“Transcendental meditation” is one of those buzzwords that everyone seems to be talking about, like “vegan”, “keto” or “jiu-jitsu”, but no one seems to be able to define exactly what it is. “Mindfulness meditation” is often mentioned in the same breath; so what’s the difference between the two types of meditation?
To understand what transcendental meditation is, it might be easier to define mindfulness meditation first.
Putting it plainly, mindfulness meditation encourages its practitioners to be fully emerged in the present moment, without judgment, in both everyday life and during meditation itself. That is to say, instead of spending our lives in our heads, thinking about our fears, anxieties and what we are having for dinner, we should be focusing on what’s in front of our eyes.
Mindfulness meditation is practiced by repeatedly returning our consciousness to the present moment, for example, by focusing on the breath, parts of our bodies, or an object. In the process of doing so, we are able to observe our thought patterns and the truths they reveal about our anxious or depressive inclinations.
The mental effort exerted in letting go of repetitive thoughts and returning our focus to a body part is a sort of mental exercise that promotes conscious choices over mindless entanglement with negative thought patterns.
In letting go of these thoughts, and in the inevitable return to them once our focus wavers, some practitioners of mindfulness meditation are able to reach a state of mental stillness.
This is what so-called “transcendence” feels like.
Yet reaching this state of transcendence is not the goal of mindfulness meditation - the continued process of returning our focus to the present is the objective.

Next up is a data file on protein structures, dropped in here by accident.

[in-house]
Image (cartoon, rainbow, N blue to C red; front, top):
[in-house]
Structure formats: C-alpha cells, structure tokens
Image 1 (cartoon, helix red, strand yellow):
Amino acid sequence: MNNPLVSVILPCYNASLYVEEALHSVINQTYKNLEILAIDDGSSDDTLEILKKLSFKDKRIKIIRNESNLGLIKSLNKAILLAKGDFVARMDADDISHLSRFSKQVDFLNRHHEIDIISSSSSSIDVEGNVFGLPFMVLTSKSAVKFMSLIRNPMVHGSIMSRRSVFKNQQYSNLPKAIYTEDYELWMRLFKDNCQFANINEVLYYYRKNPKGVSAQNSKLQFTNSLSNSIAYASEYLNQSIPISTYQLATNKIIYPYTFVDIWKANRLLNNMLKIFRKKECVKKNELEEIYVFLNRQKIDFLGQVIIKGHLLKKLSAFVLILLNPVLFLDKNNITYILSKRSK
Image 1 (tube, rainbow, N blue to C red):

On the other hand, transcendental meditation is for those that find this exercise excruciating. For those with a restless mind, there is a simple tool in transcendental meditation that helps them achieve the mental stillness that brings a deep relief from stresses - the mantra.
The mantra is a sound with no meaning (but sounds positive - if that makes sense) that the practitioner repeats silently for 20 minutes. In doing so, the practitioner is typically able to reach a state of mental stillness which may elude them in mindfulness meditation. Instead of forcefully training our minds to come back to the present moment, the mantra is used to elevate our consciousness above our thoughts.
The reason for prescribing 20-minute sessions has to do with our biological clocks. Without going into unnecessary details here, we suggest committing to two 20-minute sessions a day, for a minimum of 30 daily practices, before making up your mind about whether transcendental meditation (or mindfulness meditation) is right for you.
One way or another, we need to find ways to get mental relief in this crazy world.